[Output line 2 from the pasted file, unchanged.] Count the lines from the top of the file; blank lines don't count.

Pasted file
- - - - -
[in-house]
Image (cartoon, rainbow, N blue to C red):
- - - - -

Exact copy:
Image (cartoon, rainbow, N blue to C red):